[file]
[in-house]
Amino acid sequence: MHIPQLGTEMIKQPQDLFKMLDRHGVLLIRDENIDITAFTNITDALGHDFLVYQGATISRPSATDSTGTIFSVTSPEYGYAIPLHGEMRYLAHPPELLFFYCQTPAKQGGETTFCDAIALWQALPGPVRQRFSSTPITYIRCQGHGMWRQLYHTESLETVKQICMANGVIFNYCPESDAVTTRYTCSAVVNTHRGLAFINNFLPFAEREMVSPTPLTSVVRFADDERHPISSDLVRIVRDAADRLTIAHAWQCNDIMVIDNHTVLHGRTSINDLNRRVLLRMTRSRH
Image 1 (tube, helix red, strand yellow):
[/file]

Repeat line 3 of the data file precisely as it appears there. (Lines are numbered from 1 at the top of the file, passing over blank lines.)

Image 1 (tube, helix red, strand yellow):